The Inter-agency Expert Group on Sustainable Development Goal Indicators (IAEG-SDG) selected
Extent of use of country-owned results frameworks and planning tools by providers of development cooperation as the appropriate indicator to benchmark progress. To provide a comprehensive measure on the extent of use of country-owned results frameworks and other government planning tools, the indicator should calculate the degree to which objectives, results indicators and monitoring frameworks associated with new development interventions are drawn from government sources (United Nations, Department of Economic and Social Affairs, Statistics Division, 2015). In other words, this indicator should assess the degree of alignment between donor support and a developing country’s goals priorities. It should also measure the degree to which each country’s policy space and development policies are respected. In so doing, it should also attempt to record the policy design, system of results-reporting and assessment mechanisms or country-led results frameworks that each country has put in place. Analyses of this indicator must recognize that accountability needs to be balanced with the need to learn and exchange knowledge and experiences as different stakeholders may approach common developmental challenges in quite different ways.
The Global Partnership for Effective Development Cooperation (GPEDC)17.63 established at the Fourth High Level Forum on Aid Effectiveness in Busan, in 2011, with the aim of fostering engagement and sharing knowledge to agree on and implement the principles of effective development cooperation17.64 (EDC). Arising from this, a monitoring framework, building on the experiences and lessons of international monitoring efforts since the 2005 Paris Declaration17.65 was proposed in 2012 in order to better respond to developing countries’ demand for a global accountability framework that could support their national implementation efforts. The monitoring framework incorporates five TRUST principles: (1) transparency; (2) risk-sharing; (3) use and strengthening of country systems; (4) strengthening of capacity; and (5) timely and predictable aid. The framework is coordinated jointly by UNDP and OECD and aims to provide evidence on progress and identify opportunities and obstacles in the implementation of EDC.
The EDC monitoring framework comprises 10 indicators: (1) development cooperation is focused on results that meet developing countries’ priorities17.66; (2) civil society operates within an environment which maximizes its engagement in and contribution to development17.67; (3) engagement and contribution of the private sector to development17.68; (4) transparency: information on development cooperation is publicly available17.69; (5) development cooperation is more predictable17.70; (6) aid is on budgets which are subject to parliamentary scrutiny17.71; (7) mutual accountability among development cooperation actors is strengthened through inclusive reviews17.72; (8) gender equality and women’s empowerment17.73; (9) effective institutions: developing countries’ systems are strengthened and used17.74; (10) aid is untied17.75. These indicators attempt to measure progress towards making development cooperation more effective in specific areas related to EDC principles: ownership, focus on results, inclusive development partnerships, transparency and mutual accountability among partners.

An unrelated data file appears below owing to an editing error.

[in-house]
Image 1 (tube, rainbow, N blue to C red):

Indicator 1 of the GPEDC monitoring framework is measured by the
Proportion of providers of development cooperation using country results frameworks. These frameworks define a country’s approach to monitoring and evaluating progress towards development. They include objectives, indicators, a baseline and targets to measure progress in implementing them and achieving outputs, outcomes and impacts, as stated in national development strategies, sector plans and other frameworks (for example, budget support performance matrices). Such frameworks should ideally have been developed through participatory processes involving relevant national stakeholders (OECD and UNDP, 2014). The indicator aims to capture the relationship between the proportion of funding that is allocated to support national priorities versus expenditure programmes, the way in which this funding is disbursed, and its links to the country’s results framework. To account for some of these important aspects, the indicator has been designed to draw on a combination of quantitative and qualitative information.
At the time of writing no data are yet available. The indicator has been piloted by eight participating countries17.76 in coordination with a number of providers of development cooperation17.77. Following this initial pilot stage, further discussions and consultations are needed before the methodology can be validated. OECD and UNDP report (OECD and UNDP, 2014) that preliminary results from the pilot study indicate considerable variation in the use of country results frameworks. They also note that the current construction of the indicator may lead to a large variation in behaviour among development cooperation providers being hidden. But they caution that owing to the limited sample size, the conclusions from the pilot study cannot be generalized. A second monitoring round is being conducted during 2015-2016 and results are expected to be available in the fourth quarter of 2016.